“We’re looking forward to how we may be able to have some further discussions on the Ontario version of bubbling or cohorting, as we call it, in the very near future,” he said.
Williams said not only does expanding ones social bubble help with mental health and isolation during the pandemic, but it would also be valuable for maintaining good contact case management. Those who are “bubbling” will have a clear sense of who their contacts are and will help assist public health units in their response.
Reopening should be coupled with testing, expert says
Colin Furness, an infection control epidemiologist and assistant professor at the University of Toronto, says reopening parts of the economy needs to be coupled with testing.
“I haven’t heard about how testing will be ramped up to support this. All fine and good to open up but you need to accompany it with testing,” he said
“Ontario doesn’t have the capacity it needs to do that.”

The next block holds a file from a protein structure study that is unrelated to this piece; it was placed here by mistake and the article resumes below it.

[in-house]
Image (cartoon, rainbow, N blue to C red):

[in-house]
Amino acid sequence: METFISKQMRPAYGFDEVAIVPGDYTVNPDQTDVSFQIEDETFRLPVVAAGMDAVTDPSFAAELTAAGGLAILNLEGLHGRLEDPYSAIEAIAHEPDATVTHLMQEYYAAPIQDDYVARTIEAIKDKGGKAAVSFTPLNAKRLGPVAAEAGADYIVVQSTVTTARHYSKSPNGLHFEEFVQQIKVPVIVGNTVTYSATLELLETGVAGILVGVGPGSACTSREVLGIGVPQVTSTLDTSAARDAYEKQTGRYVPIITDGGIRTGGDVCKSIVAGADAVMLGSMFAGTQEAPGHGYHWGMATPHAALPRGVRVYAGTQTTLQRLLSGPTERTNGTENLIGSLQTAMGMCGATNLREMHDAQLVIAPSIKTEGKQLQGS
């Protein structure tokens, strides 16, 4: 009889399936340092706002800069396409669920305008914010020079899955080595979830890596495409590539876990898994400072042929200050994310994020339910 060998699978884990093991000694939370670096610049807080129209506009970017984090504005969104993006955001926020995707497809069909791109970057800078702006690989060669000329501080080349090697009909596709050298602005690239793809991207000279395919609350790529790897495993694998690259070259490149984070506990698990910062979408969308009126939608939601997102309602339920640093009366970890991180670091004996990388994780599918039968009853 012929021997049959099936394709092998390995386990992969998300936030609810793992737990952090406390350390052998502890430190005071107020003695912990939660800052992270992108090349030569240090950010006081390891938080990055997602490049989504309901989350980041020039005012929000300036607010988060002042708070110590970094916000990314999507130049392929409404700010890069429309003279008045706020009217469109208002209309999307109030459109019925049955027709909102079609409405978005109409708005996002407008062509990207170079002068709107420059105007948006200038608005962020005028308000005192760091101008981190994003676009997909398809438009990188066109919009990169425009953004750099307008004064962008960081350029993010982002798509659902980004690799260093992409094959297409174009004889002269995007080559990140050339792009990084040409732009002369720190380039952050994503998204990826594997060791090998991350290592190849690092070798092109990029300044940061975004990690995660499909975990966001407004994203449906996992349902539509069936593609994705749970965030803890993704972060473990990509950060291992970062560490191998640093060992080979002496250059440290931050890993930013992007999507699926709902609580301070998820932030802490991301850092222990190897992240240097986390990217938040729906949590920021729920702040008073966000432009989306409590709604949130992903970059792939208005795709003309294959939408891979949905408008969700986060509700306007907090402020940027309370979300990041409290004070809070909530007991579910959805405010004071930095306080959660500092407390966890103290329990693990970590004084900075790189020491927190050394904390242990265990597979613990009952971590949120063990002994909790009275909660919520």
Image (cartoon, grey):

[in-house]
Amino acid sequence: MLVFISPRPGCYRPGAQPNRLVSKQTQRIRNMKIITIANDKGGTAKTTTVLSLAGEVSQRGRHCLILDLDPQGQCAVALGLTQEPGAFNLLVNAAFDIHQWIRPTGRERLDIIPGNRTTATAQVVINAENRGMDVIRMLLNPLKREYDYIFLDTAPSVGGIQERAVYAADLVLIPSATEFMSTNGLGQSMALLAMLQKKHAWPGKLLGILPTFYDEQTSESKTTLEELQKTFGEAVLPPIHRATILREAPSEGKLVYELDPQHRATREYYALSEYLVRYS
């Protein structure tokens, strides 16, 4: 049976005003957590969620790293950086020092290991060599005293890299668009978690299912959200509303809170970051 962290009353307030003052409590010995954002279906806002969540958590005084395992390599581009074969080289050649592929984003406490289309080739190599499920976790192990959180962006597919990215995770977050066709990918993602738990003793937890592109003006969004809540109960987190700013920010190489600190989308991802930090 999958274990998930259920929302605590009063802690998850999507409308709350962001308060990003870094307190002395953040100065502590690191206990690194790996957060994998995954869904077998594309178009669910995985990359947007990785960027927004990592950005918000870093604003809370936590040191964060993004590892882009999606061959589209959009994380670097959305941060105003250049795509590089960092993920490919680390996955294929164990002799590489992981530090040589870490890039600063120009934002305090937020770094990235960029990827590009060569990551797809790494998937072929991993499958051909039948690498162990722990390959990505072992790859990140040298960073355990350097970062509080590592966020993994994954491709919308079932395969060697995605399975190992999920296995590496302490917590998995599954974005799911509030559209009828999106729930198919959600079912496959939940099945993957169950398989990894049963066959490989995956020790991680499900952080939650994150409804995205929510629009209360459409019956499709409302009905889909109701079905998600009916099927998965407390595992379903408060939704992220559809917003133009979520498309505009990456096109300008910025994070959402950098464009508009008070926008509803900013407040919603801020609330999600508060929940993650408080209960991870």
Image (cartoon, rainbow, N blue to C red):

Meanwhile, the province’s network of labs processed 15,357 tests, below the benchmark of 16,000. Test numbers have typically dropped on Sundays throughout the pandemic period. The backlog of tests waiting to be processed sits at 4,811.
Testing volumes have been ramping up in the past week, with the province processing 19,000 tests a day on average.
“What is encouraging is that while the number of tests is increasing, we are not seeing the number of new cases rising at the same rate,” said the province’s Associate Chief Medical Officer of Health Dr. Barbara Yaffe.
243 new COVID-19 cases
Ontario has reported 243 additional cases of COVID-19 on Monday,
The 0.8 per cent jump brings the total number of cases in Ontario to 30,860 since the outbreak began in January. Around 79.4 per cent of all cases are now resolved.
Dr. Williams and Dr.Yaffe both say the trending numbers look “encouraging.”
“In the past two days we’ve seen some of the lowest increases that we’ve seen in a long time,” Yaffe said at a news conference on Monday.
The new cases come after just 192 were confirmed on Sunday, though the Ministry of Health added 223 that were impacted by a delay in reporting to the day’s count.
Eighteen of the province’s 34 public health units reported no new cases today, while 10 more reported fewer than five. More than two-thirds of active COVID-19 cases are concentrated in the Greater Toronto Area.